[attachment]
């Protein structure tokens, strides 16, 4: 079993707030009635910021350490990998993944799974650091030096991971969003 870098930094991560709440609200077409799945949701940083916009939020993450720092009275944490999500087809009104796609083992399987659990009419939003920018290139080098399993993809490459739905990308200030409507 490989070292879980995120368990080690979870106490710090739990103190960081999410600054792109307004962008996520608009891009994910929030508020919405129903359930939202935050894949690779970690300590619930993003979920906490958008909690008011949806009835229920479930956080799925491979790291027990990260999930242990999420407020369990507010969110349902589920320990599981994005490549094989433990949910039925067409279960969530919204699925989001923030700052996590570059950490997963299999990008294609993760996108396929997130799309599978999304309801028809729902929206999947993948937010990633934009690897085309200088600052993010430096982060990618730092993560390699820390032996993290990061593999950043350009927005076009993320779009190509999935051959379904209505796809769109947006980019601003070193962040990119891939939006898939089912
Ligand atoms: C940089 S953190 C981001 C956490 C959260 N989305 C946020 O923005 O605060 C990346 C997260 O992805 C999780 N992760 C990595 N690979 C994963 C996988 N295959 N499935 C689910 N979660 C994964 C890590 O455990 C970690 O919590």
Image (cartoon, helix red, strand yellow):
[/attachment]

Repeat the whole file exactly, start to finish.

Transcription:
């Protein structure tokens, strides 16, 4: 079993707030009635910021350490990998993944799974650091030096991971969003 870098930094991560709440609200077409799945949701940083916009939020993450720092009275944490999500087809009104796609083992399987659990009419939003920018290139080098399993993809490459739905990308200030409507 490989070292879980995120368990080690979870106490710090739990103190960081999410600054792109307004962008996520608009891009994910929030508020919405129903359930939202935050894949690779970690300590619930993003979920906490958008909690008011949806009835229920479930956080799925491979790291027990990260999930242990999420407020369990507010969110349902589920320990599981994005490549094989433990949910039925067409279960969530919204699925989001923030700052996590570059950490997963299999990008294609993760996108396929997130799309599978999304309801028809729902929206999947993948937010990633934009690897085309200088600052993010430096982060990618730092993560390699820390032996993290990061593999950043350009927005076009993320779009190509999935051959379904209505796809769109947006980019601003070193962040990119891939939006898939089912
Ligand atoms: C940089 S953190 C981001 C956490 C959260 N989305 C946020 O923005 O605060 C990346 C997260 O992805 C999780 N992760 C990595 N690979 C994963 C996988 N295959 N499935 C689910 N979660 C994964 C890590 O455990 C970690 O919590």
Image (cartoon, helix red, strand yellow):